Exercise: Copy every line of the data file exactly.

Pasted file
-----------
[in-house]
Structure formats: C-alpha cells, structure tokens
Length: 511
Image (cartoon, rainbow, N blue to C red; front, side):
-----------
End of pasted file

[in-house]
Structure formats: C-alpha cells, structure tokens
Length: 511
Image (cartoon, rainbow, N blue to C red; front, side):